Once the arrangements were made, at the appointed time I called Howard at his home in the beautiful Seattle area.  I was immediately impressed with how well-read and articulate this legendary performer was. In making small talk about meeting him backstage four years ago and how much fun my daughter and I had at the show, he gave me an inside look at the evolution of that tour.

“Well, thank you!  We’ve been doing it every year with one guy or another. We kind of mutated from Hippiefest to the Happy Together Tour a couple of years after that. We thought that the Hippiefest direction was kind of going dark. I mean, it’s one thing to say ‘Flower Power’ and to represent your stuff as being that good time relief in your busy summer day so you can forget your troubles. It’s another thing to listen to down and out blues at the end of a two and a half hour set.

“No one wants to leave the auditorium feeling like you want to kill yourself.  You know, that’s kind of a downer for your night, especially if you just bought yourself a couple of tie-dyed shirts and you’re expecting to leave there singing a happy tune. Then, you go out thinking, ‘Awe, life’s just not worth it!’ That’s not quite the attitude that we want our tour to have so things are lighter and brighter these days. The past few years we’ve had incredibly good results by taking the tour out under the name ‘Happy Together Tour’ and bringing out with us some of the all-time best artists that we possibly could. If you’re not smiling by the end of our show – certainly the end of the five of our shows put together – then you’re dead!”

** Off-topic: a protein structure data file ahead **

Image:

With tours like Happy Together continually successful, I asked Kaylan why these kinds of classic rock tours – whether they’re a caravan tour like Happy Together or just some of the legacy acts still touring – that they’re still quite an audience draw and how long did he think that they’ll continue to be.

“Well, I think they’ll continue to be a successful draw for ever and ever as long as there are enough acts that feel that going out together would be a lot better than going out separately. I mean, you have to admit that the draw here is that you’re not going to see just one act and either be elated or disappointed. If you don’t like the act you’re seeing at the present time, hang around for thirty minutes because they’ll be gone and somebody else is going to come on.